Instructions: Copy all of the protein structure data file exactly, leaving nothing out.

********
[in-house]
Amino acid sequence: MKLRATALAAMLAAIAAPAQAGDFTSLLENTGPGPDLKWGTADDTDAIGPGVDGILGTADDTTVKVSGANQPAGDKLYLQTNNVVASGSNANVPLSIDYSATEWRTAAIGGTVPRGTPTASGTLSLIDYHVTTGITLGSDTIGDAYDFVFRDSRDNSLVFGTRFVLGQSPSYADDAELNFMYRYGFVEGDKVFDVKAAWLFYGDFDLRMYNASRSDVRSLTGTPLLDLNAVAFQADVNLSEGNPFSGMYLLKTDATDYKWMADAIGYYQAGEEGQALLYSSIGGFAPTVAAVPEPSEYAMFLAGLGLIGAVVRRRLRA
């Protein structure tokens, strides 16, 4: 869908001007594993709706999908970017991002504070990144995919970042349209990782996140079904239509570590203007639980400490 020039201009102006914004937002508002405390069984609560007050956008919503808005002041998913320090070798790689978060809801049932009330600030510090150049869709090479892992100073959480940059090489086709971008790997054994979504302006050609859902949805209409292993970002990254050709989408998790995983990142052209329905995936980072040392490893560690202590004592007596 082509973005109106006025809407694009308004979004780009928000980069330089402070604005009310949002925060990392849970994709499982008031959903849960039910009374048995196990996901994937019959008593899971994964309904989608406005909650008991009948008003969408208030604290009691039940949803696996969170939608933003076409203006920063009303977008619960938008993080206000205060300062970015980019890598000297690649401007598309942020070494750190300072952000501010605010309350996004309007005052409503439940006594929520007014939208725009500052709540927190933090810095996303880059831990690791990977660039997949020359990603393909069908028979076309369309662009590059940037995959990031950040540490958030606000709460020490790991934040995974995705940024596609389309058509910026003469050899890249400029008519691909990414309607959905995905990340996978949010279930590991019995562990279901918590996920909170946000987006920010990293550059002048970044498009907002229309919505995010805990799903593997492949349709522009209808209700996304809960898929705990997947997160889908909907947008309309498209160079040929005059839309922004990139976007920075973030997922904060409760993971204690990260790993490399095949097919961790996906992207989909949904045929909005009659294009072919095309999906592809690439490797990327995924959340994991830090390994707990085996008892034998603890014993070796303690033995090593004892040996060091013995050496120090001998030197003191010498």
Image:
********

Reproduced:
[in-house]
Amino acid sequence: MKLRATALAAMLAAIAAPAQAGDFTSLLENTGPGPDLKWGTADDTDAIGPGVDGILGTADDTTVKVSGANQPAGDKLYLQTNNVVASGSNANVPLSIDYSATEWRTAAIGGTVPRGTPTASGTLSLIDYHVTTGITLGSDTIGDAYDFVFRDSRDNSLVFGTRFVLGQSPSYADDAELNFMYRYGFVEGDKVFDVKAAWLFYGDFDLRMYNASRSDVRSLTGTPLLDLNAVAFQADVNLSEGNPFSGMYLLKTDATDYKWMADAIGYYQAGEEGQALLYSSIGGFAPTVAAVPEPSEYAMFLAGLGLIGAVVRRRLRA
């Protein structure tokens, strides 16, 4: 869908001007594993709706999908970017991002504070990144995919970042349209990782996140079904239509570590203007639980400490 020039201009102006914004937002508002405390069984609560007050956008919503808005002041998913320090070798790689978060809801049932009330600030510090150049869709090479892992100073959480940059090489086709971008790997054994979504302006050609859902949805209409292993970002990254050709989408998790995983990142052209329905995936980072040392490893560690202590004592007596 082509973005109106006025809407694009308004979004780009928000980069330089402070604005009310949002925060990392849970994709499982008031959903849960039910009374048995196990996901994937019959008593899971994964309904989608406005909650008991009948008003969408208030604290009691039940949803696996969170939608933003076409203006920063009303977008619960938008993080206000205060300062970015980019890598000297690649401007598309942020070494750190300072952000501010605010309350996004309007005052409503439940006594929520007014939208725009500052709540927190933090810095996303880059831990690791990977660039997949020359990603393909069908028979076309369309662009590059940037995959990031950040540490958030606000709460020490790991934040995974995705940024596609389309058509910026003469050899890249400029008519691909990414309607959905995905990340996978949010279930590991019995562990279901918590996920909170946000987006920010990293550059002048970044498009907002229309919505995010805990799903593997492949349709522009209808209700996304809960898929705990997947997160889908909907947008309309498209160079040929005059839309922004990139976007920075973030997922904060409760993971204690990260790993490399095949097919961790996906992207989909949904045929909005009659294009072919095309999906592809690439490797990327995924959340994991830090390994707990085996008892034998603890014993070796303690033995090593004892040996060091013995050496120090001998030197003191010498």
Image: